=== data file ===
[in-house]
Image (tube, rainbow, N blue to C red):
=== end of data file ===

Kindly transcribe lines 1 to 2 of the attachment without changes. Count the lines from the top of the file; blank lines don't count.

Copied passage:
[in-house]
Image (tube, rainbow, N blue to C red):